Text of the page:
She was responding to an analyst on the call who suggested that AdvanSix, with its healthy balance sheet, should have the opportunity to expand with “bolt-on” deals in chemical intermediates, specialties or other products. Plastic waste
Bloomberg Asks Why Electric Cars Today Are So Huge
The UK has a long tradition of small cars, exemplified by the original Mini but including a gaggle of MGs, Triumphs, Humbers, Hillmans, Cortinas, Austins, and the like. Mostly they were small because raw materials were scarce after World War II, but also because Britain taxed cars based on horsepower. Smaller cars were lighter, which means they could make do with less powerful engines. While all of that is true historically, it does not explain why most electric cars sold in the UK today are so big and heavy. Plastic waste
Bloomberg correspondents Olivia Rudgard and Kyle Stock spent some time driving around London behind the wheel of an Ora Funky Cat. At just over 4 meters (13 feet) in length, the four door, five passenger hatchback proved to be an able and efficient vehicle for use in that environment. For some perspective on size, the Maxda MX5 — known as the Miata in North America — measures 12.8 feet in length. [Note: The Funky Cat appears to be very similar in size to a first-generation Nissan LEAF.]
Of the 72 electric cars available in the UK, nine have batteries with a capacity under 50 kWh. (Just two EVs in the US have such small batteries.) Between 2013 and 2022, new sales of every type of car declined in the UK — except SUVs, whose sales have risen 75% over that period according to the Society of Motor Manufacturers and Traders (SMMT). In August, tests by Which?, a consumer group, identified 161 cars too big for standard UK parking spaces, up from 129 in 2018. Plastic waste
Small cars like the Fiat Punto and the Ford Fiesta have been discontinued and replaced with SUVs in recent years, says Ralph Palmer, UK electric vehicles & fleets officer at Transport & Environment, which tracks the new and used car markets. “They’re seeing that there are great profit margins to be made from selling a massive SUV for a far higher margin, but selling fewer of them,” he said.
Electric Cars — How Much Is Enough?
This shift in the marketplace, especially when it comes to electric cars, is creating a dearth of options for commuters looking to buy only as much car as they need. The Ora Funky Cat with its 48 kWh battery has a range of 320 kilometers (about 200 miles). As Rudgard and Stark discovered, that is more than ample range for urban driving. After a weekend of shopping and hauling furniture from IKEA, they still had nearly a 50% state of charge remaining in the car’s battery. The car’s dimensions mean it is closer in size to those iconic British cars of old, which is a plus in crowed urban environments where a car can be more of a logistical nightmare than a convenience. Plastic waste
Sage Automotive Interiors has partnered with Peoria, Ill.-based startup, NFW, a producer of a plastic-free, plant-based leather alternative for car interiors. This strategic partnership between Sage Automotive Interiors, part of the Asahi Kasei Group, and NFW, a leading global provider of innovative and functional materials for the automotive interior — enables another major step to support global automotive OEMs in reducing the environmental burden of the automobile lifecycle. Plastic waste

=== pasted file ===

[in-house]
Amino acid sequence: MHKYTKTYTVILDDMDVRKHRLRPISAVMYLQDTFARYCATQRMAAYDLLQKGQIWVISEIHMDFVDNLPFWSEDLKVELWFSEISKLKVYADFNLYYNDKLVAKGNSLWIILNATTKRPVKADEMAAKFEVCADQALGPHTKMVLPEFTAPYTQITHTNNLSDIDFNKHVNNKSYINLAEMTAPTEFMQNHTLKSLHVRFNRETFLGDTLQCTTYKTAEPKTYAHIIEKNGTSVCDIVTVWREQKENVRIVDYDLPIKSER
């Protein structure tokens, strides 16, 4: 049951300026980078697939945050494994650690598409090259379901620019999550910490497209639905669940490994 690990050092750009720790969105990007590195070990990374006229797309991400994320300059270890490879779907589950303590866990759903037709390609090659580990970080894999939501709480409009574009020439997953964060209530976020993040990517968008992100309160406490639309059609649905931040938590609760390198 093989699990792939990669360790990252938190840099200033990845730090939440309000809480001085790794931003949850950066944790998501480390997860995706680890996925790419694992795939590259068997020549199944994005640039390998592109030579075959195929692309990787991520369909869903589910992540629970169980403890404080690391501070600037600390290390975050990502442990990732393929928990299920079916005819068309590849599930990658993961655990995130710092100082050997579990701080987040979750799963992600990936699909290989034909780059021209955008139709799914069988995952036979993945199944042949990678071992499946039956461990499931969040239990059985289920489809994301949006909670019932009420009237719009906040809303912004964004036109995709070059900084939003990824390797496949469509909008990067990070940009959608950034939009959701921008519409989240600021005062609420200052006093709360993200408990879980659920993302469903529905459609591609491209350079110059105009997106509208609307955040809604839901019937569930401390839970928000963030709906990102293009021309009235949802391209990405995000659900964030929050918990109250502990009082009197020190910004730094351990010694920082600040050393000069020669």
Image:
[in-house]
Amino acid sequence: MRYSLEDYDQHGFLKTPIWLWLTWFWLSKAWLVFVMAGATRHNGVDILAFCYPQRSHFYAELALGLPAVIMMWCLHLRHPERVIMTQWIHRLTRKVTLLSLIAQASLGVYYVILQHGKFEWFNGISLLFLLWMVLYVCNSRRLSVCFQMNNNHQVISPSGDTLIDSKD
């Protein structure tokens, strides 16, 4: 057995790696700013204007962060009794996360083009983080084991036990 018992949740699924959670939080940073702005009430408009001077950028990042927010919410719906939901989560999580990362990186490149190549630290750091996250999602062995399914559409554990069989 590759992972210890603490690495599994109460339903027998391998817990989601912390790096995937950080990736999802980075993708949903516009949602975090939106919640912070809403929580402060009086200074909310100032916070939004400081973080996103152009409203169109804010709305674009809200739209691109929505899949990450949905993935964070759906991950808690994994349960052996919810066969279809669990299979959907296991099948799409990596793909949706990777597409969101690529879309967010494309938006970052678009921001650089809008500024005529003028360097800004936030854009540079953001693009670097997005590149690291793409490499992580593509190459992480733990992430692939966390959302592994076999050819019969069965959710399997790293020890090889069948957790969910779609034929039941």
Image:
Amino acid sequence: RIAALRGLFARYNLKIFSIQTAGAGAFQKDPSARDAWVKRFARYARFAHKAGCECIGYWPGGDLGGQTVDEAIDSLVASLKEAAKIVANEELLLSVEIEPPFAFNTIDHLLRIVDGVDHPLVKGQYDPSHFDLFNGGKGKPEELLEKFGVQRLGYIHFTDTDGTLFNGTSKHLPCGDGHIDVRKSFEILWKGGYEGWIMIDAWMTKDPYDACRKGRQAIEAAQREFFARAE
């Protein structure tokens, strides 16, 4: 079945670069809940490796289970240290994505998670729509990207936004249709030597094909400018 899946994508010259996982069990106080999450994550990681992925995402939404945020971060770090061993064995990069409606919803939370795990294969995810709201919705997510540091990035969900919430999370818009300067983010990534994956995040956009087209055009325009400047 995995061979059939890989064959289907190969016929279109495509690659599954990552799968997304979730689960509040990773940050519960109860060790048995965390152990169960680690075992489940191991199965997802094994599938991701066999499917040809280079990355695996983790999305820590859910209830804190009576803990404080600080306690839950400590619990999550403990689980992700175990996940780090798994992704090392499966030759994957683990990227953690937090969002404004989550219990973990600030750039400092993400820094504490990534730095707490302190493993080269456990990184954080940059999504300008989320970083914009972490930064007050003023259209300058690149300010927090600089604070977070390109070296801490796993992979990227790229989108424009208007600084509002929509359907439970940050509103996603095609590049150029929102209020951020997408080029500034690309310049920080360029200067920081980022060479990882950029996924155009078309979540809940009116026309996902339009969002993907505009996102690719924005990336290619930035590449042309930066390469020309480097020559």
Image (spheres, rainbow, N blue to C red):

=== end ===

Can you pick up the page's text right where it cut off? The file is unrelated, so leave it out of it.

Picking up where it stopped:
NFW was founded in 2015 and has developed the only platform capable of producing precision-engineered, all-natural (zero plastic) leather, foam, and textiles to replace animal and petrochemical-based materials. MIRUM®, the company’s patented leather alternative, is made from natural rubber, natural fibers, plant oils, natural pigments, and minerals. MIRUM is bio-neutral and can be safely returned to the Earth or recycled by NFW at the end of its lifetime. The material offers superior durability and quality that can replace traditional animal-based or synthetic leather products without the use of any polyurethane or other coatings.
Sage is engaged in the development, manufacturing, and sales of innovative functional materials used in automobile interiors globally. Since its acquisition by Asahi Kasei in 2018, Sage has continued to strengthen its business activities in Europe and China through mergers and acquisitions in parallel to expanding its lineup of growth-potential materials such as suede and synthetic leather. Plastic waste
As one of the leading global suppliers in the car seat fabric market, Sage has a strong presence among automakers and suppliers.
Luke Haverhals, CEO and founder of NFW, said: “Over time, our partnership with Sage will allow consumers to apply the same decision-making process that they use in their homes, in their cars as well — the most sustainable option will be available to them. The kind of impact that matters to the planet has to happen at scale, not just around the edges.”